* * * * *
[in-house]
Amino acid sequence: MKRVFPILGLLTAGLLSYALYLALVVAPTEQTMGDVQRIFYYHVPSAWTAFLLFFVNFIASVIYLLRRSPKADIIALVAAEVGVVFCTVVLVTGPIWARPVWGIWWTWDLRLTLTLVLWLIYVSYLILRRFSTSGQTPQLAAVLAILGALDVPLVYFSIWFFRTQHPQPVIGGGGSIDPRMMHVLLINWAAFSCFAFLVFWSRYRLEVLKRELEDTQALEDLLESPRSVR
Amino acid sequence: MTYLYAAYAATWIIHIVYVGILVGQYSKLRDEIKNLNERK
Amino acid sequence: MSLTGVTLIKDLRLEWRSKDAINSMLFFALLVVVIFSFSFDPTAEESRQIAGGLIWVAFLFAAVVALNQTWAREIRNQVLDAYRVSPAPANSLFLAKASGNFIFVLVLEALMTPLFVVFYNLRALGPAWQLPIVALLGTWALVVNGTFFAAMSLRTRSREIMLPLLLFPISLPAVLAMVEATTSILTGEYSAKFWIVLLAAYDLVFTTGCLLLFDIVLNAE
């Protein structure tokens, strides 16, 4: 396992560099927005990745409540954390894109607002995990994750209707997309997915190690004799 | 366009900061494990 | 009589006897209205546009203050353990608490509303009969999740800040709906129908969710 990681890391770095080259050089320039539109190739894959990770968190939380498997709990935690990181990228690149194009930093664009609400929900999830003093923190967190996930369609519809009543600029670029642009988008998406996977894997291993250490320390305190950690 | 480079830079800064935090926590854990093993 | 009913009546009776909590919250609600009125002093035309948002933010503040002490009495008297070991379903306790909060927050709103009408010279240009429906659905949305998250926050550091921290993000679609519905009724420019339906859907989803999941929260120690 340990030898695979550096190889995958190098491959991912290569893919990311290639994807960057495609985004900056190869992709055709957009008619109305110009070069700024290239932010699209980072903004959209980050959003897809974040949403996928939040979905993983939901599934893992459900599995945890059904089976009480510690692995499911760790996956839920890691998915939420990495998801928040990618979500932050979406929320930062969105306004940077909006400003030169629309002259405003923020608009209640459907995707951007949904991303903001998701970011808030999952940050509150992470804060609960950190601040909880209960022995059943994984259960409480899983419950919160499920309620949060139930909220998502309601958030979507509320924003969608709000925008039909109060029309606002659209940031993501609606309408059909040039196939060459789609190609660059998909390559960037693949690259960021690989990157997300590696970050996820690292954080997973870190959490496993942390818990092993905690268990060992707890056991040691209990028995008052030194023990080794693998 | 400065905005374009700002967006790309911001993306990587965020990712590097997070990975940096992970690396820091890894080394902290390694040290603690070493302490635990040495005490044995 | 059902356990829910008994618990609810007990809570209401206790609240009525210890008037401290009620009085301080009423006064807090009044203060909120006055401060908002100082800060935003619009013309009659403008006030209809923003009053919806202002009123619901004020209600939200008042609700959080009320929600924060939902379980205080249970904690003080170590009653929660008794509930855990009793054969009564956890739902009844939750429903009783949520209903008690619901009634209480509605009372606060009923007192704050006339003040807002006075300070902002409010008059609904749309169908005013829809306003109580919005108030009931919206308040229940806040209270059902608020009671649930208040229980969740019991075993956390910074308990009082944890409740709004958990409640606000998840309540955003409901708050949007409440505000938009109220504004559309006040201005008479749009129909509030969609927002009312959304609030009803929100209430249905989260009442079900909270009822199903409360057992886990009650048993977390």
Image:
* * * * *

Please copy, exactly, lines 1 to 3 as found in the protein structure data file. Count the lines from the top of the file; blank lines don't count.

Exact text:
[in-house]
Amino acid sequence: MKRVFPILGLLTAGLLSYALYLALVVAPTEQTMGDVQRIFYYHVPSAWTAFLLFFVNFIASVIYLLRRSPKADIIALVAAEVGVVFCTVVLVTGPIWARPVWGIWWTWDLRLTLTLVLWLIYVSYLILRRFSTSGQTPQLAAVLAILGALDVPLVYFSIWFFRTQHPQPVIGGGGSIDPRMMHVLLINWAAFSCFAFLVFWSRYRLEVLKRELEDTQALEDLLESPRSVR
Amino acid sequence: MTYLYAAYAATWIIHIVYVGILVGQYSKLRDEIKNLNERK